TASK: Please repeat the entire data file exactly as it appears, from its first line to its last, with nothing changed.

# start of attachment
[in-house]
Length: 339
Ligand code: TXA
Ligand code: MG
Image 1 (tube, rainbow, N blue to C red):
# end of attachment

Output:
[in-house]
Length: 339
Ligand code: TXA
Ligand code: MG
Image 1 (tube, rainbow, N blue to C red):